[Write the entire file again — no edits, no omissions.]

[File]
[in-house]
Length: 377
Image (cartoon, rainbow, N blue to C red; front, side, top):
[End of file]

[in-house]
Length: 377
Image (cartoon, rainbow, N blue to C red; front, side, top):